By Britain Eakin
Law360 (June 1, 2020, 10:41 PM EDT) -- Handing a win to Amneal Pharmaceuticals and Mylan in a battle with Almirall LLC over a patent covering its acne drug Aczone, the Patent Trial and Appeal Board said the generics makers were able to persuasively show that all the challenged claims were invalid.
The board said in a final written decision Friday that the acne treatment was rendered obvious by earlier printed publications that disclosed the claimed 7.5% of the topical dapsone composition in Almirall's patent. A skilled artisan would have been motivated to pursue that composition to optimize dosing, the decision said.
"The evidence of record shows that the recognized safety of dapsone and the desire to optimize the amount of drug delivered to achieve once daily dosing would have served as a motivation to use the claimed 7.5% dapsone concentration," the board said.
An earlier version of Aczone approved by the U.S. Food and Drug Administration contained 5% dapsone and used a different gelling agent that gave the product a gritty quality, according to the decision. To reduce that grittiness, which Amneal's expert testified deterred patients from complying with prescriptions, the board said skilled artisans would have been motivated to reach Almirall's claimed invention by using a different gelling agent disclosed in the prior art.
The PTAB agreed to review the patent in May 2019 after rejecting Almirall's bid to get the board to exercise its discretion to deny Amneal's petition. Almirall argued the petition was serial but the board determined otherwise because an earlier Amneal petition had challenged a different Almirall patent that covers the same topical dapsone composition. Mylan was joined to the case after filing a separate petition challenging the same claims.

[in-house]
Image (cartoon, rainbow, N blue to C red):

The board upheld the challenged claims in the other case in August after a contentious hearing last June, determining that the same prior art asserted in the current case failed to disclose the gelling agent in Almirall's U.S. Patent No. 9,161,926.
In the case at issue in Friday's decision, the board called it difficult to reconcile the various "unpersuasive" positions Almirall took in the proceedings.
While the pharmaceutical company had argued that the amount of the topical dapsone composition in its claimed invention was optimized, it also argued that a skilled artisan would have decreased, rather than increased, it. Almirall also argued that its earlier formulation was ineffective and that grittiness in topical acne medications caused by microparticles was undesirable but wasn't a problem in other dapsone formulations, according to the decision.
"It is unclear how an anti-acne formulation could be at once optimized and FDA-approved, but also ineffective, or how such a formulation's microparticles were at once undesirable, but also required for optimization, or how such microparticles were on the one hand disfavored, but on the other hand any grittiness of such a formulation caused by such visible microparticles was a nonissue," the decision said. "These arguments are incompatible and thus unpersuasive as [a] whole."
According to the board's decision, the topical dapsone composition in Almirall's 9,517,219, which is at issue in underlying district court litigation, has anti-inflammatory properties and has been used to treat leprosy and other skin diseases, and can also treat bacterial infections and malaria.
Counsel for the parties declined to comment.
The patent-in-suit is U.S. Patent No. 9,517,219.
Administrative Patent Judges Susan L.C. Mitchell, Christopher G. Paulraj and Ryan H. Flax sat on the panel.
Amneal Pharmaceuticals is represented by Dennies Varughese, Adam LaRock and Tyler Liu of Sterne Kessler Goldstein & Fox PLLC.
Mylan is represented by Jitendra Malik, Lance Soderstrom, Deepro Mukerjee, Alissa Pacchioli and Heike Radeke of Katten Muchin Rosenman LLP.
Almirall is represented by James Trainor and Elizabeth Hagan of Fenwick & West LLP.
The cases are Amneal Pharmaceuticals LLC et al. v. Almirall LLC, case numbers IPR2019-00207 and IPR2019-01095, before the Patent Trial and Appeal Board.
--Additional reporting by Tiffany Hu and Nadia Dreid. Editing by Haylee Pearl.